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Male mating costs in a polygynous mosquito with ornaments expressed in both sexes
Uppsala University, Disciplinary Domain of Science and Technology, Biology, Department of Ecology and Genetics, Animal Ecology.
Uppsala University, Disciplinary Domain of Science and Technology, Biology, Department of Ecology and Genetics, Animal Ecology.
Uppsala University, Disciplinary Domain of Science and Technology, Biology, Department of Ecology and Genetics, Animal Ecology.
2009 (English)In: Proceedings of the Royal Society of London. Biological Sciences, ISSN 0962-8452, E-ISSN 1471-2954, Vol. 276, no 1673, 3671-3678 p.Article in journal (Refereed) Published
Abstract [en]

Male mate choice in species with conventional sex roles is difficult to explain and has, therefore, been the focus of many recent theoretical models. These models have focused on variance in female quality and, to a lesser extent, male investments/costs associated with mating. In this study, we investigate the costs of courtship and copulation in the polygynous mosquito Sabethes cyaneus. In this species, both males and females possess elaborate ornaments. Previous studies suggest that the most likely explanation for the presence of these ornaments is mutual mate choice. Thus, this system provides an excellent model for exploring the evolution of mutual mate choice in polygynous species. We disentangle the costs of courtship and copulation by monitoring male survival in three groups of males: housed alone (group 1); able only to court females (group 2); or able to court and copulate with females (group 3). We show that males incur a cost of courtship and copulation and that courtship intensity is negatively related to male longevity. Our results suggest that courtship and copulation carry additive costs to males. We discuss the implications of these results in the context of current mutual mate choice theory and suggest that courtship costs may be an unappreciated key factor in the evolution of male mate choice.

Place, publisher, year, edition, pages
2009. Vol. 276, no 1673, 3671-3678 p.
Keyword [en]
Culicidae, Diptera, mutual mate choice, sex roles, sexual selection
National Category
Biological Sciences
Identifiers
URN: urn:nbn:se:uu:diva-127511DOI: 10.1098/rspb.2009.0991ISI: 000270172200013OAI: oai:DiVA.org:uu-127511DiVA: diva2:330491
Available from: 2010-12-06 Created: 2010-07-13 Last updated: 2016-04-18Bibliographically approved
In thesis
1. The Evolution of Sexually Homologous Ornaments: Selection via Male Mate Choice Coinciding with Male-Male Competition in a Neotropical Mosquito
Open this publication in new window or tab >>The Evolution of Sexually Homologous Ornaments: Selection via Male Mate Choice Coinciding with Male-Male Competition in a Neotropical Mosquito
2011 (English)Doctoral thesis, comprehensive summary (Other academic)
Abstract [en]

The evolution of elaborate male ornaments via sexual selection is well-understood while the selective pressures acting on female ornaments remains unresolved. Female ornaments in species with strong sexual selection on the male homologue of the ornament were originally thought to result from an intersexual genetic correlation. My thesis explores the evolution of ornaments in females due to direct selection by developing theoretical models and examining the biology of a neotropical mosquito (Sabethes cyaneus) with sexually homologous ornaments coinciding with male-male competition.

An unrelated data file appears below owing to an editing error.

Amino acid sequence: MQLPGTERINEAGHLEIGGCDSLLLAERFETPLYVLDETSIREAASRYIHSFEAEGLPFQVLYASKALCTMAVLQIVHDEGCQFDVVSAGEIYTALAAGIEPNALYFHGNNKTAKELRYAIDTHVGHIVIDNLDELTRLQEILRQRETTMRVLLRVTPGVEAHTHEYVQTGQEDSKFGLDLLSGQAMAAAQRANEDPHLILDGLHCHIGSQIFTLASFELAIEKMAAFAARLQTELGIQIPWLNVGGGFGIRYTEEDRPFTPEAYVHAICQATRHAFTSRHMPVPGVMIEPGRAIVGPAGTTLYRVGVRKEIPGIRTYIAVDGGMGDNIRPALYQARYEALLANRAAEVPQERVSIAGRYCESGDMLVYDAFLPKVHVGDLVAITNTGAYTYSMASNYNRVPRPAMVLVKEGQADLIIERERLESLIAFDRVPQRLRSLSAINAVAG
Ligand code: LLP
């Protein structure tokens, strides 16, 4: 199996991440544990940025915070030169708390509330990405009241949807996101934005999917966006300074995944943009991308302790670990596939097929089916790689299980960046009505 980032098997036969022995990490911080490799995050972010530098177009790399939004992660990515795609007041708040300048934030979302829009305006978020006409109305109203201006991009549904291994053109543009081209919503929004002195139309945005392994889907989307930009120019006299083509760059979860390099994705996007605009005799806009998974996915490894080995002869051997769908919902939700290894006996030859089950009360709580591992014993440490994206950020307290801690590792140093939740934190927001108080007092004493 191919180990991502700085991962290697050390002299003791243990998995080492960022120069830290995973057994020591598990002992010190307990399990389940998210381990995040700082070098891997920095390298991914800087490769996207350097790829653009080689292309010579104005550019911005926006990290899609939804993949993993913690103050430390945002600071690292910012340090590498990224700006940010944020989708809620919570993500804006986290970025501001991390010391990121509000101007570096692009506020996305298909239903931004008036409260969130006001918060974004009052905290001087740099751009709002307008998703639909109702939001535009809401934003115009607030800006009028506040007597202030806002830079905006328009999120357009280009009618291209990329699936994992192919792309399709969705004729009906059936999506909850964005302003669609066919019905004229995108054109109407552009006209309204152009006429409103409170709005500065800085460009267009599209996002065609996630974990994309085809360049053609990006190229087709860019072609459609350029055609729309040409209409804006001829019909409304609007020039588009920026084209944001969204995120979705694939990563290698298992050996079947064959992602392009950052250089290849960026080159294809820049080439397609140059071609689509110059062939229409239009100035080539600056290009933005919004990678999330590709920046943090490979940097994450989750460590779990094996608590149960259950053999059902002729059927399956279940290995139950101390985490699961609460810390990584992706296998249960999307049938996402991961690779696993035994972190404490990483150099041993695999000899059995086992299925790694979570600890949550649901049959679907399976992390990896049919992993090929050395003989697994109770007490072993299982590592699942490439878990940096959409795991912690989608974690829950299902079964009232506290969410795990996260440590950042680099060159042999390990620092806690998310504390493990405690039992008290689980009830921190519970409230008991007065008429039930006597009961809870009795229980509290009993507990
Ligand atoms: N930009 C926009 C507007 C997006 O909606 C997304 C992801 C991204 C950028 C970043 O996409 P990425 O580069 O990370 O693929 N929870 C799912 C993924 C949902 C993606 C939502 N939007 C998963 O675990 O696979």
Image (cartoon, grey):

I began by exploring the morphology of the ornaments in both sexes of S. cyaneus. Sexual dimorphism in the size and shape of the ornaments was slight and both male and female ornaments showed classic hallmarks of sexually selected traits. I then tested for direct selection on S. cyaneus male and female ornaments via mutual mate choice. I found evidence of male, but surprisingly not female, preferences for ornaments.

I then further considered the evolution of male mate choice in polygynous species. First, I investigated whether male investment in courtship by S. cyaneus may result in a lower operational sex ratio and thereby reduce the costs associated with male mate choice. Male courtship did pose a significant longevity cost to male S. cyaneus. Second, I explored the possibility that a female preference for male courtship effort may contribute to the benefits of male mate choice in a series of population genetic models. The spread of a male preference gene can be driven by female preferences for male courtship when males court preferred females more.

Finally, I found that female S. cyaneus are not benefitting from signalling to increase their mating rate as they are monandrous. My thesis therefore challenges standing sexual selection theory and suggests that sexual selection on females may be more widespread than previously thought.

Place, publisher, year, edition, pages
Uppsala: Acta Universitatis Upsaliensis, 2011. 52 p.
Series
Digital Comprehensive Summaries of Uppsala Dissertations from the Faculty of Science and Technology, ISSN 1651-6214 ; 799
Keyword
sexual selection, Sabethes cyaneus, Diptera, Culicidae, mosquito, mutual ornamentation, sexual selection, mutual mate choice, male mate choice, female ornament, ecology, animal behaviour
National Category
Ecology
Research subject
Animal Ecology
Identifiers
urn:nbn:se:uu:diva-141936 (URN)978-91-554-7985-5 (ISBN)
Public defence
2011-02-25, Zootissalen, EBC, Villavägen 9, Uppsala, 09:30 (English)
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Supervisors
Note
Felaktigt tryckt som Digital Comprehensive Summaries of Uppsala Dissertations from the Faculty of Science and Technology 729Available from: 2011-02-03 Created: 2011-01-12 Last updated: 2011-03-21Bibliographically approved

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South, Sandra H.Arnqvist, Göran

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